Having experienced the big-picture impact a single team member can make in this environment, Tackett left Ramstein in October 2012 with the hope of returning one day. Months later, he received a call inviting him back as an operational planner. After three years on orders, Tackett was hired as a civil service employee in the USAFE-AFAFRICA A3 (operations) division, while simultaneously continuing his service as a member of the Michigan Air National Guard.

    Nearly a decade has passed since Tackett first became involved with USAFE-AFAFRICA operations during ODYSSEY DAWN. Since then, he has touched strategy and planning efforts for nearly every major operation or exercise USAFE-AFAFRICA has supported, including the Ebola outbreak in 2014-2015, theater MQ-9 operations, Bomber Task Forces, and enduring support for U.S. European Command’s annual Austere Challenge exercise, a multi-continent training event integrating the capabilities of the U.S., NATO and other partner nations.

    “I really found a passion for planning,” said Tackett. “I have been involved in planning all the pieces that make operations sustainable and executable, from simply planning the movement of aircraft from one location to another, to crisis response.”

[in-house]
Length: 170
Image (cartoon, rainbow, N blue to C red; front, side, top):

Tackett is also quick to emphasize that just as the Air National Guard has provided him with extraordinary professional opportunities and flexibility, the ANG also presents active duty decision makers with a powerful strategic asset to surge capability and experience when required. This idea of blending active, ANG, and Air Force Reserve personnel and equipment in support of the overall Air Force mission is known as Total Force Integration (TFI).

    “TFI isn’t just a cool acronym – the active duty elements rely heavily on guard and reserve members to ensure effective operations in every area of responsibility,” said Tackett. “The other cool thing about being a guard member is that most of our active duty peers can’t tell the difference between who is guard and who is active duty. This really speaks to the quality of support that guard and reserve elements provide to our active duty component.”

    Tackett’s service, even while off duty, continues as commander of the Civil Air Patrol’s Ramstein Cadet Squadron. The Ramstein Cadet Squadron is the largest overseas Civil Air Patrol squadron with about 150 senior members and cadets. He has held the position of squadron commander since the fall of 2019.

    While his time at Ramstein Air Base will finally draw to a close later this year, Tackett plans to remain with the Michigan Air National Guard as a traditional guard member, while continuing stateside in a civil service role to mentor other crisis action planners and operational planning teams, sharing best practices he has helped to refine across the Air Force.

    “It’s not the job you have, it’s the job you do,” Tackett said, reflecting on his experience at USAFE-AFAFRICA. “The ANG provides opportunities that can take you anywhere you want to go if you are willing to put forth the work to get there; just because your job description may be set doesn’t mean you can’t get that work done and do more – the ‘more’ can bring you exposure to things you probably couldn’t have imagined.”



    Date Taken: 03.01.2021
    Date Posted: 03.01.2021 05:01
    Story ID: 390173